Review by Cadence Chen, 17
The Marvelous Mirza Girls By Sheba Karim
Noreen is a teenager haunted by grief due to her aunt’s recent death. When her mother is offered a job in New Delhi, Noreen follows, hoping that India can heal her broken heart and help her rediscover her passions. In India, Noreen meets the handsome Kabir, and the two become fast friends. However, a scandal erupts surrounding Kabir and his family, and Noreen is exposed to the true meaning of love and loyalty.
The Marvelous Mirza Girls promises the story of a young woman finding her cultural roots while healing from deep-seated grief, however, the romance often overshadows much of the plot. Romance takes a front seat in this story, and while this is not necessarily a bad thing, it is extremely rushed and the chemistry is almost nonexistent. Not only that, but the love interest is six years older than Noreen and it is extremely obvious that they are in different parts of their lives. The love interest has a full-time job, drinks, and generally acts like an adult. However, Noreen still lives with her mother, does not have a job or drink, and her actions and inner monologue often sound extremely young and inexperienced. The romance aside, another issue might be the categorizing of the book itself. It’s classified as young adult (YA), however, due to the prevalent sexual themes, situations, and cussing, it seems as if it would be more in line with new adult (NA) books. But, discounting the adult themes, the writing, character development, and overall depth of the book is much younger and more juvenile than NA. It seems to fall somewhere in between YA and NA for those reasons.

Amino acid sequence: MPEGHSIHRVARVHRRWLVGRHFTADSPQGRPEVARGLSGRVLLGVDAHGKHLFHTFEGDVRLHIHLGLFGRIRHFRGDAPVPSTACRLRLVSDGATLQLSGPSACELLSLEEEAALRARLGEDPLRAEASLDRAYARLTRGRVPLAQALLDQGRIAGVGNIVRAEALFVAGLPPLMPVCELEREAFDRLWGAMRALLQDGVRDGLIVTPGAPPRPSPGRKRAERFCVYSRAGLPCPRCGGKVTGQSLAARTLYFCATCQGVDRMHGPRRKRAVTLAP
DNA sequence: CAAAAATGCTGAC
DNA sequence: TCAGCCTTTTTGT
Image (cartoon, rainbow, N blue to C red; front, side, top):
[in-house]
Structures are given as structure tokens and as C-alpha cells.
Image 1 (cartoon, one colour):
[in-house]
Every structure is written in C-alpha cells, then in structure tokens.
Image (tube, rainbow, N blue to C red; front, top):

Lastly, the main character Noreen is completely unlikeable. She believes herself to be mature, but her actions suggest otherwise. She’s highly emotional and impulsive and demonstrates absolutely no character growth throughout the book. Her entire existence seems to revolve around her relationship with her newfound boyfriend and her healing, exploration of herself, rediscovery of her passions, and voice all seem to hinge off of her meeting him. It would have been nice to see the personal development and the romance remain more separated. All in all, the romance drags the entire story of The Marvelous Mirza Girls down due to its overwhelming presence and I would only recommend it for readers who are prepared for younger writing and characterization combined with more adult themes.
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